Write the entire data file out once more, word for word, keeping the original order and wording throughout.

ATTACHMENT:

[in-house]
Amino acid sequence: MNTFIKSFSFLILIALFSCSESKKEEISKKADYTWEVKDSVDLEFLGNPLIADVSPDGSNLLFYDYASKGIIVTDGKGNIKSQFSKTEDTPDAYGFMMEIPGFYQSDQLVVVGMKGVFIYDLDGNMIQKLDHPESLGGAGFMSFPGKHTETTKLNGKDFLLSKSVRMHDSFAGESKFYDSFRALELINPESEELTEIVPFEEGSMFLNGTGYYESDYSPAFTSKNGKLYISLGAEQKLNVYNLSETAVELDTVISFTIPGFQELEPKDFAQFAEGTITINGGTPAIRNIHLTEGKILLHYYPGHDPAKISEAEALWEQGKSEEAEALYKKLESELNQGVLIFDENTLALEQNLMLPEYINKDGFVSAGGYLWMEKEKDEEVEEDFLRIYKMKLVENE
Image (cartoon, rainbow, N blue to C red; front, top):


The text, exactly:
[in-house]
Amino acid sequence: MNTFIKSFSFLILIALFSCSESKKEEISKKADYTWEVKDSVDLEFLGNPLIADVSPDGSNLLFYDYASKGIIVTDGKGNIKSQFSKTEDTPDAYGFMMEIPGFYQSDQLVVVGMKGVFIYDLDGNMIQKLDHPESLGGAGFMSFPGKHTETTKLNGKDFLLSKSVRMHDSFAGESKFYDSFRALELINPESEELTEIVPFEEGSMFLNGTGYYESDYSPAFTSKNGKLYISLGAEQKLNVYNLSETAVELDTVISFTIPGFQELEPKDFAQFAEGTITINGGTPAIRNIHLTEGKILLHYYPGHDPAKISEAEALWEQGKSEEAEALYKKLESELNQGVLIFDENTLALEQNLMLPEYINKDGFVSAGGYLWMEKEKDEEVEEDFLRIYKMKLVENE
Image (cartoon, rainbow, N blue to C red; front, top):